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As we live in an increasingly digitized age, we spend a lot of time on our mobile devices and it is sometimes not a surprise that our children, as well, invest many hours in front of their devices.
According to a recent survey conducted by Common Sense Media, teenagers spent an average of just under 7 and a half hours of screen time every day on online media entertainment. Similar findings were reported in another study, where a large percentage (83%) of teenagers owned a smartphone and spent about 21 hours every week in front of their phone screens only.
As a parent, looking at these statistics may cause you to worry about your child’s health and it is natural that you would want to limit the amount of screen time that they have. In that case, how much screen time should children have then?
Setting Screen Time Limits
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According to the American Academy of Pediatrics (AAP), it is important that parents set consistent limits on the amount of screen time that their child is allowed. The World Health Organization has recently published a report detailing the recommended daily screen time limits that children should have based on their age group. The report showed that children aged younger than 2 years should not be exposed to any screen time at all, and those aged 2 to 5 years should only have a maximum of 1 hour of screen time daily. For children aged 6 years and older, the American Heart Association recommends that children only be exposed to a maximum of 2 hours of screen time per day.
Like Parent, Like Child
Admittedly, this step is not as simple as it sounds, especially when your child protests: What about you? Don’t you use your phone a lot as well?
Indeed, it is hard to control our children’s screen time when we, as parents, do not set a good example for them. So, when we set certain rules for our children’s screen time, it is important that we become a good role model for our children by following these rules as well. Here are some tips that might help you set some screen time rules for your children.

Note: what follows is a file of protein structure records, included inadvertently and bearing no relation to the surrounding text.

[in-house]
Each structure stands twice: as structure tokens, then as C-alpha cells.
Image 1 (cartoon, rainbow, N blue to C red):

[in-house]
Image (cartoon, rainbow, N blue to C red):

Less screen time, more green time
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When your child is not occupied with their small screens, treat it as an opportunity to bond and spend time with them. For instance, something you can do with your child is to go outdoors and enjoy the greenery. You can take a stroll with them at a nearby park or go on a hike with them to explore the surrounding nature. Not to mention, engaging in green time is good for your child as it has been shown to mediate the effects of high screen time in teens and positively affect their health and general well-being.
Family Time Is No-Screen Time
As a general rule of thumb, it is commonly advised to switch off all screens when you are spending time as a family, be it during meals or participating in family activities. When your child sees that screen time rules apply to everyone in the family, this will help them to feel less alone or frustrated when they are not looking at theirs.
Use Parental Control Applications
Another approach that can be taken to initially help children adjust to this change in lifestyle would be to use parental control apps that have functions to set screen time limits in children’s devices. One such app is the planoApp, the world’s first science-based parental control app that allows parents to set periods of no screen time for their children and also help take care of their eye health.
It may be challenging in the beginning to implement these screen time rules especially when our children are accustomed to high screen time in this technologically driven age. However, setting these screen time limits is important in ensuring that our children’s health is not compromised in the future.